Around the corner from All Soul’s church – the last surviving nineteenth century church by John Nash is one of my favourite buildings in London : the Royal Institute of British Architects (RIBA) in Portland Place.
How London could have looked following the Great Fire of London.
22 April 2016
Built in 1934, it is one of the finest example of Art Deco architecture. Designed by George Grey Wornum and built by Ashby & Horner.
I find both the structure and the interiors totally inspiring with bronze, marble, wood and glass materials used and possibly my favourite screen I’ve ever seen.
I stole an hour this week to take a look around the building and visit the latest exhibition ‘Creation from Catastrophe’ before it ends on Sunday. An intimate and hugely informative and impressive curation that explores how Architecture rebuilds communities following disaster. There are ten case studies taken from every past and current decade, across the world, starting with London in the seventeenth century.
The Great Fire tore through London in 1666, just after the Great Plague of 1665. It destroyed most of the Medieval parts of London: thirteen thousand homes (it is unknown how many people) and almost a hundred churches including St Pauls Cathedral.
King Charles II welcomed architects, surveyors, philosophers and academics to draw up proposals for planning with the only requirement being that the designs must be built from bricks and stone. The historic plans in the exhibition illustrate how London could have looked following the devastation. It was an opportunity for London to re establish itself and prove to be a leading modern city in Europe and the World.
Sir Christopher Wren’s plans drew inspiration from his studies of Paris and Rome proposing to replace the narrow streets with wide avenues and central piazzas. However due to complex land-ownership and lack of finances, the proposed designs to create a ‘Wonder of the World’ remained solely on paper. Wren was part of the committee for the restoration of the city and designed and recreated St Paul’s cathedral and fifty one other churches.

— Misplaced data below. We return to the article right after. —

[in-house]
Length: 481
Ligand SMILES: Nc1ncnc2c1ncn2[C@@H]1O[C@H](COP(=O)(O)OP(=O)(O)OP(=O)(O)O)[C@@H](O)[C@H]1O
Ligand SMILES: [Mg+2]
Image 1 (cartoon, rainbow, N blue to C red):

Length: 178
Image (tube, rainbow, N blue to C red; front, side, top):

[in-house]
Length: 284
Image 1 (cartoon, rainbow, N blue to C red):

Sir John Evelyn: author, academic, bibliophile ( he compared a library to a temple of worship) and diarist held close prominence to the King and drew up plans similar to Wren’s, inspired from his travels in Italy and France.
Although not an architect, the Army Captain, Valentine Knight proposed designs that resulted in his immediate arrest! His simple but provocative plan included a toll canal from which he suggested the King could charge fees and finance the rebuilding. To the King the notion of benefitting from his people was totally offensive.
Robert Hooke, chief assistant to Wren, drew up a grid pattern plan similar to Liverpool, Paris and many other American cities and it is believed that Richard Newcourt the draughtsman and cartographer widely recognized for his extraordinarily skilled maps of London before the fire, based his plans on the model of Philadelphia (1682) which subsequently created the foundation for the whole USA grid system.
So much planning and what was the result? With issues including time, finance and land ownership conflict, the destroyed area of London was rebuilt largely on its original layout but replaced wooden structures with stone and brick. Public buildings were recreated with money generated from Coal tax. For Private ownership the responsibility lay entirely within.
The fascinating exhibition continues with the Great Lisbon earthquake of the eighteenth century, the Great Fire of Chicago in the nineteenth century and the many brilliant restoration plans and designs created after the earthquakes, Tsunami’s and natural disasters around the world during the twentieth and twenty first centuries. I’m glad I managed to find the time.